PHOENIX -- The share of tax dollars that actually wind up in Arizona classrooms slid again last year, to the lowest level in the 12 years the state has been monitoring.
A new report Friday from the Auditor General's Office found just 54.2 percent of every dollar schools received was used for "classroom spending.' That is down a half a percentage point from 2011 and below the peak at 58.6 percent in 2004.
That classroom spending figure includes salaries and benefits for teachers, aides and coaches. It also covers supplies such as pencils and paper, athletics, and activities like band or choir.
But that 54.2 percent figure exposes only part of the situation.
That percentage is applied to total per-pupil operational spending in 2012 of $7,475, or $4,051 per student.
But total per pupil spending by schools has declined now for the third straight year.
In 2009, that figure was $7,908. So the 56.9 figure for that year translated out to $4,500 per student.
Put another way, actual real-dollar classroom spending is 10 percent less than it was three years ago. And that's in real dollars, before accounting for inflation.
And Auditor General Debra Davenport said if school districts were putting the same percentage of their resources into the classroom in 2012 as they were in 2001, they would have spent an additional $310 million on instruction.
By comparison, the national average for classroom spending was in 2012 61.3 percent.
But there's another side to that comparison, too. Davenport said part of the way Arizona keeps its instructional spending lower is by putting more children in each classroom.
She said in 2009 -- the most recent figures available, the national average class size was 15.3 students per teacher. Arizona's figure that year was 17.1.
John Huppenthal, elected state school superintendent in 2010, did not immediately return calls seeking comment.
Despite the multi-year slide in percentage of dollars winding up in the classroom, Davenport said there are some bright spots in the report, at least statewide
"The relatively low classroom dollar percentage was not the result of high administration costs, because Arizona districts allocated a smaller percentage of resources for administration than the national average,' she wrote in the report. The Arizona figure is 9.9 percent; nationally, school districts spend 10.7 percent of their budgets on administration.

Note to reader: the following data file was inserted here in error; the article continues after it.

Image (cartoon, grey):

Still, the percentage of school funds spent on administration is 0.4 percentage points higher now than in 2004. That category includes superintendents, principals, business managers and other staff who do accounting, payroll, printing, human resource and tech services.
Within that category, however, size makes a difference.
Davenport said the largest school districts spent an average of just $632 per pupil on administrative costs due to the economies of scale. That increased to $800 for medium-large districts, $1,149 for medium-sized districts -- and $1,519 for the smallest.
State lawmakers have tried for years to force consolidation of the state's more than 200 school districts. So far, though, the best they have been able to do is offer financial carrots to districts willing to combine, with few takers.
Davenport said what is making the non-instructional side of the equation so high in Arizona are the categories of plant operations -- 12.4 percent here versus 9.5 percent nationally -- and food service costs of 5.1 percent in Arizona compared to 3.8 percent nationally.
That issue of plant operations, she said, can be blamed in part on the fact that in the last five years Arizona schools added nearly 12 million square feet of building space, a 9.4 percent increase. Yet at the same time, the number of student attending dropped by 2 percent.
The result is that building capacity usage dropped from 81 percent in 2007 to 79 percent last year.
Davenport acknowledged that some of that new construction was started before enrollment began to decline in 2009. But some of it, she said, was due to what has been the reluctance of some districts to reduce excess space.
She said, though, that attitude appears to be changing, with 26 fewer schools operating last year than the prior year.
"Although decisions to close buildings or schools can be difficult and painful, these decisions are important because school district funding is based primarily on the number of students enrolled at the district, not the number of schools or amount of square footage maintained,' Davenport said. She also said that districts that completely close schools, including turning off utilities, can save more than those which continue to heat, cool and maintain closed buildings beyond minimum levels.
The increasing cost of food service, however, is something else.
Davenport said that, statewide, the cost of meals was only a nickel higher in 2012 than five years earlier.
But districts served 9.7 million more meals. She said that is not surprising "considering the state's poverty rate increased from 17.7 percent to 25.1 percent during that time and the percentage of students eligible for free or reduced-price meals increased from 50 to 59 percent.'
Transportation costs also are up, making up 4.8 percent of districts' operating dollars in 2012 compared with 4.3 percent in 2007.
Some of that, Davenport said, was an increase in the number of miles driven. That includes the effect of closing some schools and having to transport students farther.
But it also can be blamed in part to diesel fuel increasing from $3.04 a gallon in 2007 to $4.16 last year.